As one would expect, UKIP weren't particularly complimentary about the immigration figures this morning. They described the Government as having "catastrophically failed". Which is fairly unambiguous isn't it.
UKIP's alternative in the run up to the election was an Australian style points system. Indeed, they tweeted this morning "Never has the case for an Australian-style points based immigration system been clearer".
So it seems reasonable for us to have a look at how the Australian system performs relative to ours.
The World Bank holds net migration data which we can use to compare them. Here it is:
You can see that Australia has slightly lower migration than the UK over that period - but about a third of the population. So actually, net migration relative to the size of the population was actually much higher under the Australian system.
Now, UKIP might argue that the Australians at least have control of the numbers - they happen to have chosen what looks like quite a high level of migration, but at least they had a choice - whereas we have no direct control over the number of EU migrants that come into the UK.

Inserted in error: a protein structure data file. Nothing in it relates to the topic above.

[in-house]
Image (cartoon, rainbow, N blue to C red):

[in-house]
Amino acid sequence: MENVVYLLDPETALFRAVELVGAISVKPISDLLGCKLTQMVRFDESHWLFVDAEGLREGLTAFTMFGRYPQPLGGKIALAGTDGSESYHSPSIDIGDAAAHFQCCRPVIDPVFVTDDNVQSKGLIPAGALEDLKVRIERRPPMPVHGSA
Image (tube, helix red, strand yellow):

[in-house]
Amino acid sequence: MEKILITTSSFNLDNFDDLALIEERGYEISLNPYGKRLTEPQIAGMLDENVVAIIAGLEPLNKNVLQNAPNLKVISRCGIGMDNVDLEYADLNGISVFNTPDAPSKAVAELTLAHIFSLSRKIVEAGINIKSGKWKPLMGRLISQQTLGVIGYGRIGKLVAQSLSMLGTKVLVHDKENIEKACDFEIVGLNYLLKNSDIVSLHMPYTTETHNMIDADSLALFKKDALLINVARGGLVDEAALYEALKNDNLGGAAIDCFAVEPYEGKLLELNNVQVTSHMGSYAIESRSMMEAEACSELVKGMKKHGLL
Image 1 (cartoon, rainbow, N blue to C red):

But for UKIP to achieve their target on migration - which, as I understand it, is something in the low tens of thousands - just doing the Australian style points system as the Australians have done it won't be enough. They want a five year moratorium on unskilled workers. But even with that factored in, they would have to set limits on skilled workers that were much, much tighter than those in Australia.